2. This work greatly builds the literature of amyloid-independent effects of APOE4 in AD pathogenesis. Using diverse imaging and CSF analyses, Montagne et al. show that blood-brain barrier (BBB) leakage in humans is more pronounced in APOE4 individuals with and without AD, and does not correlate with in vivo markers of Aβ or tau. Indeed, over all individuals, BBB breakdown was not linked to the accumulation of amyloid (although their measures would not preclude some amyloid angiopathy).

    These data suggest that BBB breakdown may be linked to other AD risk processes, such as inflammation. Indeed, CSF signs of neuroinflammation (CypA, sPDGFRβ, and MMP9) were elevated in the CSF of APOE4 individuals at the early stages of AD. BBB breakdown in APOE3 individuals with AD did not correlate with elevation of these biomarkers, suggesting that neuroinflammation is more pronounced in APOE4 individuals. These exciting in vivo findings provide important support for the hypothesis that APOE4 increases risk of AD at least partially by increasing neuroinflammation.

    View all comments by G. William Rebeck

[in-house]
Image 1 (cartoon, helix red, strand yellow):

3. This is a very important paper because it provides yet more evidence for the crucial role that vascular dysfunction seems to play in Alzheimer’s disease, and also provides a plausible mechanism by which the vascular dysfunction damages the hippocampus. These findings help explain why Alzheimer’s disease shares so many risk factors with stroke and they should encourage researchers to pay more attention to the vasculature in their experiments, and encourage clinicians to identify and manage vascular risk factors such as hypertension and diabetes when treating patients with or at risk of Alzheimer’s disease and encourage them to reduce dietary salt intake and stop smoking.

    View all comments by Joanna Wardlaw